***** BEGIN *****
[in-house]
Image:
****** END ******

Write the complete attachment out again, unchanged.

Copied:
[in-house]
Image: